Coronavirus (COVID-19) and Anxiety

The spread of a novel Coronavirus is creating a state of panic and anxiety on a global scale. Public health authorities around the world are taking action to contain the coronavirus outbreak. However, this time of crisis is generating stress in the general population. It is very usual for all of us to be in a state of anxiety considering the news and discussions going around in electronic media. However, this might have a major impact on the patient with an anxiety disorder.

The news and on-going events all around the world on the COVID-19 outbreak might precipitate Anxiety Disorder in vulnerable individuals. It might also aggravate illness anxiety among the ones who have already been diagnosed with an anxiety disorder. One of the core features of anxiety disorder is apprehension that something bad might happen to the patients themselves or their family members. Hence, the current outbreak may be incorporated in the phenomenology of anxiety and may present as a complaint itself.

We, psychiatrists in our daily practice have encountered a lot of patients with a fear that they might already have COVID-19 infection or they are fearful that they could have COVID-19 anytime. They assume the worst and are not able to function in their day to day life. So the thing to understand here is this group of patients could have had anxiety irrespective of the COVID-19 outbreak. These are genetically vulnerable groups. When threats are uncertain, such as the current coronavirus situation, anxious minds can easily overestimate the actual threat and underestimate the person’s ability to cope with it. Different factors like natural disasters, disease outbreaks, bad news, etc. can precipitate anxiety in vulnerable individuals. Similarly, patients maintaining well on anti-anxiety medications could have the aggravation of their symptoms as a result of these types of events.

Stress and the feelings associated with it are by no means a reflection that you cannot do your job or that you are weak. Recently World Health Organization (WHO) has published Mental Health considerations during the COVID-19 outbreak. It highlights the following points for the general public:

  • Coronavirus disease (COVID-19) has and is likely to affect people from many countries, in many geographical locations. Don’t attach it to any ethnicity or nationality. Be empathetic to those who got affected, in and from any country, those with the disease have not done anything wrong.
  • Don’t – refer to people with the disease as “COVID-19 cases”, “victims” “COVID-19 families” or the “diseased”. They are “people who have COVID-19”, “people who are being treated for COVID-19”, “people who are recovering from COVID-19” and after recovering from COVID-19 their life will go on with their jobs, families and loved ones.
  • Avoid watching, reading or listening to news that cause you to feel anxious or distressed; seek information mainly to take practical steps to prepare your plans and protect yourself and loved ones. Seek information updates at specific times during the day once or twice. The sudden and near-constant stream of news reports about an outbreak can cause anyone to feel worried. Get the facts. Gather information at regular intervals, from the WHO website and local health authorities’ platforms, in order to help you distinguish facts from rumors.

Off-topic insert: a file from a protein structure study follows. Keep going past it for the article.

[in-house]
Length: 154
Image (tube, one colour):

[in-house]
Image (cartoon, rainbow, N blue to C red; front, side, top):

• Protect yourself and be supportive of others. Assisting others in their time of need can benefit the person receiving support as well as the helper.
  • Find opportunities to amplify the voices, positive stories and positive images of local people who have experienced the new coronavirus (COVID-19) and have recovered or who have supported a loved one through recovery and are willing to share their experience.
  • Honor caretakers and healthcare workers supporting people affected with COVID-19 in your community. Acknowledge the role they play to save lives and keep your loved ones safe.
  • Help children find positive ways to express disturbing feelings such as fear and sadness. Every child has his/her own way to express emotions. Sometimes engaging in a creative activity, such as playing, and drawing can facilitate this process. Children feel relieved if they can express and communicate their disturbing feelings in a safe and supportive environment.
  • Keep children close to their parents and family, if considered safe for the child, and avoid separating children and their caregivers as much as possible. If a child needs to be separated from his/her primary caregiver, ensure that appropriate alternative care is and that a social worker, or equivalent, will regularly follow up on the child. Further, ensure that during periods of separation, regular contact with parents and caregivers is maintained, such as twice-daily scheduled phone or video calls or other age-appropriate communication (e.g., social media depending on the age of the child).

To conclude, it is very normal to be stressed and anxious at the time of an epidemic. It doesn’t mean weakness. The people vulnerable to anxiety can have symptoms of excessive worrying and apprehension about the outbreak. It is always wise to choose authentic sources of information rather than relying on what is shown in social media and what is said by non-experts. If the symptoms of worrying and thoughts about illness are causing significant sleep problems, inability to concentrate and work, it is always better to seek help from mental health experts.

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